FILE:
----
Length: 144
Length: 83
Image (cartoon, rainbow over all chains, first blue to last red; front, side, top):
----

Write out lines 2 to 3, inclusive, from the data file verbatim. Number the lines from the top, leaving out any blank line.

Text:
Length: 83
Image (cartoon, rainbow over all chains, first blue to last red; front, side, top):